The Ganges River, Jawaharlal Nehru once said, is the soul of India. As it wends its way from high in the Himalayas across the parched Indian heartland and into the Bay of Bengal, 1,557 miles to the east, the Ganges is a wellspring of spiritual nourishment to three-quarters of a billion Indians.

Every day they come by the hundreds of thousands, from across the subcontinent, to seek religious sustenance from their holy river. Peasants and potentates. The stout and the lame, the decrepit and the robust. In rags and bejeweled. By foot, by elephant, by ramshackle bus. To bathe in the Ganga -- as the Indians call the river -- or to drink of its holy waters is akin to attaining salvation. Indians long to die by the banks of the Ganges, to have their ashes lapped up by its current. The Ganga is the great purger of sins to the Hindu world, the purest of all waters.

Yet it is difficult for a westerner to comprehend all this reverence. The Ganges, after all, does not even rank among the world's lengthiest rivers. More than 30 others -- including two in India -- are longer. And a river that is described by Indians as eternally pure looks to visitors from the West like a filthy cesspool. Flecks of human ash and excrement can be seen floating by. Raw sewage and industrial and chemical waste pollute the Ganges. Cattle wallow in the river. Even the Indian government concedes that the Ganges has become one of the world's dirtiest waterways.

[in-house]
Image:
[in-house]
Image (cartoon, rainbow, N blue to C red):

But the Hindu faithful do not see it that way. They flock to the river to reap its tangible and supernatural offerings. A Hindu writer once wrote, "The qualities of the Ganges are: coolness, sweetness, transparency, high tonic property, wholesomeness, potability, ability to remove evils, ability to resuscitate from swoon caused by dehydration, digestive property and ability to help retain wisdom."

Intrigued by these paradoxes of perception -- after living in India for more than a year -- I decided to embark on a pilgrimage of my own to the Ganges. I wanted to watch how the Indians related to their river, to get a feel for the significance it has in their lives. And I wanted to escape the sweltering, pre-monsoon heat of New Delhi.

Heading east on the river would mean encountering the popular tourist mecca of Varanasi, as well as the congestion of Calcutta, both of which sizzle in the spring heat as intensely as Delhi. So instead I chose to head north and discover the Ganges at its source -- a huge glacier 15,000 feet up in the Himalayas above the holy village of Gangotri, where the goddess Ganga is said to have descended to earth.

This region of India, about 350 miles northeast of Delhi and contiguous to the Tibetan border, is filled with Hindu pilgrimage sites and attracts millions of worshippers annually.

To reach the Gangotri Glacier, as it is called, I would have to take a train to the sacred city of Hardwar and then travel by bus another 200 miles up into the mountains, to Gangotri. From Gangotri the glacier would be about a 12-mile trek.